As this statement makes clear, the aim of Brazilian international cooperation and participation is not to abandon Brazilian nationalism but to enhance it. Brazil's present leaders aim to play the international game and to come out ahead. Their course (like every other course) is risky and uncertain, and they could fail. Moreover, one may count the developmental model they have chosen as gravely flawed. But that is a different issue. Brazilian nationalism has not declined since 1964, and this fact is another reason to doubt the claim of expanding foreign control over the developmental model.

In sum: in the fifth facet of dependency, Brazil is less, not more, dependent on the international environment now than it was in 1964.


Summary and Conclusions

Summing up this survey of trends in Brazilian dependency since 1964, we may set our findings in tabular form:

Facet of DependencyTrend since 1964
Total magnitude of resources and
productive capacity
Less dependency
Degree of external penetration Mixed; in general more
dependency
Quality (structural features)
of external penetration
Mixed; in general less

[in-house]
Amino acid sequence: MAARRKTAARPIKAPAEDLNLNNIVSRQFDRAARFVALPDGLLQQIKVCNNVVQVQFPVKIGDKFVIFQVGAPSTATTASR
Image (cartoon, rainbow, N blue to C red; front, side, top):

dependency
Leaders' skill in using resources
and productive capacity
Less dependency
Degree of external influence
over developmental model
Less dependency

This analysis indicates that Brazil is clearly less dependent in three of the five facets, generally less dependent in one, and generally more dependent in one. These findings are much more uniform than was expected when the inquiry was begun. The biggest surprises were on the third and fifth facets of dependency. Much of the prevailing view has rested on the argument that trends in these areas were toward greater dependency. However, on these two, as on two others, if one truly applies the criteria advanced by writers on dependency, then the trends are clearly toward less rather than more national dependency.

Our analysis has concentrated on economic facets because they are intrinsically important and because they are the core of the argu-

-110-

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Brazil in the Seventies
Table of contents

Table of contents

  • Title Page iii
  • Contents v
  • Introduction 1
  • 1: BRAZIL'S CHANGING ROLE IN THE INTERNATIONAL SYSTEM: IMPLICATIONS FOR U.S. POLICY 9
  • 2: THE BRAZILIAN GROWTH and DEVELOPMENT EXPERIENCE: 1964-1975 41
  • Introduction 41
  • Conclusion 86
  • 4: TRENDS IN BRAZILIAN NATIONAL DEPENDENCY SINCE 1964 89
  • Summary and Conclusions 110
  • CONTRIBUTORS 117
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